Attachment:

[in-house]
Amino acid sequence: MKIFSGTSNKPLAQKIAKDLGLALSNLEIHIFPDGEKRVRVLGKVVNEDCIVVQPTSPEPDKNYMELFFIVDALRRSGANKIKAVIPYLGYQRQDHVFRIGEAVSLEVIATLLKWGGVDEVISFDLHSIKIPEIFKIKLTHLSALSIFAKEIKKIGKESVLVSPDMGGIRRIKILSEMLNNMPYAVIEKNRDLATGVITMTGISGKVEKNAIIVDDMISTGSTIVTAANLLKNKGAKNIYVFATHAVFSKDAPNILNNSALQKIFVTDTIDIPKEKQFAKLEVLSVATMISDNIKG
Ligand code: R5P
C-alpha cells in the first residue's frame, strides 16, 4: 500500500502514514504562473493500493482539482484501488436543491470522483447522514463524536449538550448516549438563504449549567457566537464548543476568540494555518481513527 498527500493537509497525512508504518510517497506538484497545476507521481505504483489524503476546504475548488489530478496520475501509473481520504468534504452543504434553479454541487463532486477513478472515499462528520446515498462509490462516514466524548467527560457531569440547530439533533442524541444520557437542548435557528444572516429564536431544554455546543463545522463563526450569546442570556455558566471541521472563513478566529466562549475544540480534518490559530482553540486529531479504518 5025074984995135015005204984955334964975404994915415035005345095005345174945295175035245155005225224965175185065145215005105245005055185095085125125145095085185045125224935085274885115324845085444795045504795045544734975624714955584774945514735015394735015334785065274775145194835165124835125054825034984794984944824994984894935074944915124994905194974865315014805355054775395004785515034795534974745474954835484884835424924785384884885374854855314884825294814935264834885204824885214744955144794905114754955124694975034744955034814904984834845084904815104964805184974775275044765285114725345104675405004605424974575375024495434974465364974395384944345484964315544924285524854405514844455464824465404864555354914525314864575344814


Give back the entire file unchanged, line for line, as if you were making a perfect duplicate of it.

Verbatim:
[in-house]
Amino acid sequence: MKIFSGTSNKPLAQKIAKDLGLALSNLEIHIFPDGEKRVRVLGKVVNEDCIVVQPTSPEPDKNYMELFFIVDALRRSGANKIKAVIPYLGYQRQDHVFRIGEAVSLEVIATLLKWGGVDEVISFDLHSIKIPEIFKIKLTHLSALSIFAKEIKKIGKESVLVSPDMGGIRRIKILSEMLNNMPYAVIEKNRDLATGVITMTGISGKVEKNAIIVDDMISTGSTIVTAANLLKNKGAKNIYVFATHAVFSKDAPNILNNSALQKIFVTDTIDIPKEKQFAKLEVLSVATMISDNIKG
Ligand code: R5P
C-alpha cells in the first residue's frame, strides 16, 4: 500500500502514514504562473493500493482539482484501488436543491470522483447522514463524536449538550448516549438563504449549567457566537464548543476568540494555518481513527 498527500493537509497525512508504518510517497506538484497545476507521481505504483489524503476546504475548488489530478496520475501509473481520504468534504452543504434553479454541487463532486477513478472515499462528520446515498462509490462516514466524548467527560457531569440547530439533533442524541444520557437542548435557528444572516429564536431544554455546543463545522463563526450569546442570556455558566471541521472563513478566529466562549475544540480534518490559530482553540486529531479504518 5025074984995135015005204984955334964975404994915415035005345095005345174945295175035245155005225224965175185065145215005105245005055185095085125125145095085185045125224935085274885115324845085444795045504795045544734975624714955584774945514735015394735015334785065274775145194835165124835125054825034984794984944824994984894935074944915124994905194974865315014805355054775395004785515034795534974745474954835484884835424924785384884885374854855314884825294814935264834885204824885214744955144794905114754955124694975034744955034814904984834845084904815104964805184974775275044765285114725345104675405004605424974575375024495434974465364974395384944345484964315544924285524854405514844455464824465404864555354914525314864575344814